Along the road to international stardom, Coldplay discovered that you can’t make an omelette without breaking a few eggs, the remnants of which are strewn across a new documentary charting their not uncomplicated rise to the top. Head Full of Dreams follows them from humble beginnings in a student flat in London’s Camden Town to some of the biggest and brightest stages in the world.
Inspired by this release, Alan Corr described the fortunes of “the most divisive band of the last 20 years” in an essay for Arena. After 80 million albums, world-class collaborations and stunning stadium shows (not to mention the truly inspired Red Nose Day sketch Game of Thrones: The Musical – worth a look for a chuckle), no one is doubting that the band enjoys phenomenal success and “near-religious fan adulation”. The flip side of that coin is that, at the same time, Coldplay have some pretty strong detractors, who have included David Bowie and Brian Eno at times, or as Alan put it, “for these people, it is not all yellow, it is all beige.”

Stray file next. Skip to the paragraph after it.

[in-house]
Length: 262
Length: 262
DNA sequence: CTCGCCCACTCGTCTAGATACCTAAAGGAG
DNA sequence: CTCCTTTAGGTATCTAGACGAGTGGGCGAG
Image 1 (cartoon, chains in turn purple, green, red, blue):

“Where is their struggle and their pain cry proto-punk purists… They became the band who swept away rock music’s right to be obnoxious and ushered in a new era of trembling sincerity and inclusivity.”
“The band’s position as a kind of posh U2 irks a lot of people, especially those who reckon one U2 is quite enough already,” quipped Alan but at the end of the day, who is having the last laugh?
“After all their designer existentialism and lack of outsider cred, it’s clear that Coldplay don’t really care what the haters think, and that’s pretty rock n roll as far as I’m concerned.”
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